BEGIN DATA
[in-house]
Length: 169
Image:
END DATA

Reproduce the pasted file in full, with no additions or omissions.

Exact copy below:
[in-house]
Length: 169
Image: